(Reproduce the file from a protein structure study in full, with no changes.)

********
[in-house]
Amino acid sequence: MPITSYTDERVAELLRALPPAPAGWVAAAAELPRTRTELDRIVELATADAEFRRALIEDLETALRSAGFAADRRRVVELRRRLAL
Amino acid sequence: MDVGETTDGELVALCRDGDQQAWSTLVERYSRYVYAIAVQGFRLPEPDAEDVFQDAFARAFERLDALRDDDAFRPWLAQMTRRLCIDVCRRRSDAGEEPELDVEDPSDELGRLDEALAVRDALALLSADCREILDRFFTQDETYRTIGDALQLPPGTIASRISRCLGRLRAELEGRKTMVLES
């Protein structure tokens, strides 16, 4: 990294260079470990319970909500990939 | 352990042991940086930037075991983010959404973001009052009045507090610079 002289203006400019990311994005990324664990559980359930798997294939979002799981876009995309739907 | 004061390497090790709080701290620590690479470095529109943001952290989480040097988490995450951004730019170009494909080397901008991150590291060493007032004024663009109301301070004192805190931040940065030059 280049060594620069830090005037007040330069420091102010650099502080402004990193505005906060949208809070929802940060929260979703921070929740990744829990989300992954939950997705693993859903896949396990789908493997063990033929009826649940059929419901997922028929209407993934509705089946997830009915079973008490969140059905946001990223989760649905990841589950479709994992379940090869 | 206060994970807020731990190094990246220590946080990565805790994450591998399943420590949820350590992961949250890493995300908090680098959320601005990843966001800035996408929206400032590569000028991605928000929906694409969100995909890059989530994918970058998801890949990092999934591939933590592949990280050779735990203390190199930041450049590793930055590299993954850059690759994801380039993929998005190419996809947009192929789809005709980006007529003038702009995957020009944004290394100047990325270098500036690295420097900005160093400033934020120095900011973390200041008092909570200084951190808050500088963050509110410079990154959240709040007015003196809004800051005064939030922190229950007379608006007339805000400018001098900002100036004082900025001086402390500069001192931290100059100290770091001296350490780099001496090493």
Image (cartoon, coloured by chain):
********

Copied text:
[in-house]
Amino acid sequence: MPITSYTDERVAELLRALPPAPAGWVAAAAELPRTRTELDRIVELATADAEFRRALIEDLETALRSAGFAADRRRVVELRRRLAL
Amino acid sequence: MDVGETTDGELVALCRDGDQQAWSTLVERYSRYVYAIAVQGFRLPEPDAEDVFQDAFARAFERLDALRDDDAFRPWLAQMTRRLCIDVCRRRSDAGEEPELDVEDPSDELGRLDEALAVRDALALLSADCREILDRFFTQDETYRTIGDALQLPPGTIASRISRCLGRLRAELEGRKTMVLES
């Protein structure tokens, strides 16, 4: 990294260079470990319970909500990939 | 352990042991940086930037075991983010959404973001009052009045507090610079 002289203006400019990311994005990324664990559980359930798997294939979002799981876009995309739907 | 004061390497090790709080701290620590690479470095529109943001952290989480040097988490995450951004730019170009494909080397901008991150590291060493007032004024663009109301301070004192805190931040940065030059 280049060594620069830090005037007040330069420091102010650099502080402004990193505005906060949208809070929802940060929260979703921070929740990744829990989300992954939950997705693993859903896949396990789908493997063990033929009826649940059929419901997922028929209407993934509705089946997830009915079973008490969140059905946001990223989760649905990841589950479709994992379940090869 | 206060994970807020731990190094990246220590946080990565805790994450591998399943420590949820350590992961949250890493995300908090680098959320601005990843966001800035996408929206400032590569000028991605928000929906694409969100995909890059989530994918970058998801890949990092999934591939933590592949990280050779735990203390190199930041450049590793930055590299993954850059690759994801380039993929998005190419996809947009192929789809005709980006007529003038702009995957020009944004290394100047990325270098500036690295420097900005160093400033934020120095900011973390200041008092909570200084951190808050500088963050509110410079990154959240709040007015003196809004800051005064939030922190229950007379608006007339805000400018001098900002100036004082900025001086402390500069001192931290100059100290770091001296350490780099001496090493």
Image (cartoon, coloured by chain):